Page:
Ancient sources are a little unclear as to the exact location and structure of the statue. It is thought that the statue was built on a marble pedestal and had an interior of iron bars. Bronze plates were then attached to the bars to create the exterior of the statue. The inside was also filled with rocks to give strength to the structure. It is not known exactly what pose the statue was built in. Much later stories and illustrations show the Colossus as standing feet apart, straddling the entrance to Rhodes harbour, and often holding a torch in the air. However, for the statue to stand astride the harbour it would have required the harbour to be closed for years – something which the trade-dependent city could not have survived with. Moreover, it would have been structurally impossible for the statue to hold like that as it would have collapsed under its own weight. The idea that the statue held a torch is not impossible, but it seems to have been borne from the dedication text which says that the people of Rhodes kindled “the lovely torch of freedom and independence”. Historians generally believe it would not have been holding a torch.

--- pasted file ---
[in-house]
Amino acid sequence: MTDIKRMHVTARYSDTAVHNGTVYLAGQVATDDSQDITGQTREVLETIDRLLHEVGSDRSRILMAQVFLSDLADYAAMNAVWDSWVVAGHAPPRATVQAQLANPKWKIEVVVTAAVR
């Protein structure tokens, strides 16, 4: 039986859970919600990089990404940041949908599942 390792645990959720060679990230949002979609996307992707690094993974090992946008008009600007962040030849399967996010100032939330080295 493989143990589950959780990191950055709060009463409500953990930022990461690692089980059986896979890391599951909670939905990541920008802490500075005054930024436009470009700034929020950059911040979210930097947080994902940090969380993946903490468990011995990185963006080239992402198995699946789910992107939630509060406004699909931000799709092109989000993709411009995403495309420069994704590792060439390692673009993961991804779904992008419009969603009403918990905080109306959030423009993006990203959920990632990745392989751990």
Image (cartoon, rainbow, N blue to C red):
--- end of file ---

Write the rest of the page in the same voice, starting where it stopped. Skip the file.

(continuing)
The location of the Colossus has been a hot source of debate for historians across the centuries. Some sources place it near the harbour entrance, whilst others claim it was on a breakwater in the harbour. There is a variety of archaeological and historical evidence that lend credence to several locations. The floor of the Fortress of St Nicholas which is near the entrance to the harbour has a circle of curved sandstone blocks which are intricately carved, and are unlikely to have been made for a fortification. It has been suggested that the stones are the foundations for the marble base of the Colossus. An Italian visitor to the city of Rhodes in 1395 wrote that local tradition stated that the right foot of the Colossus had stood where the Church of St John the Colossus was then located.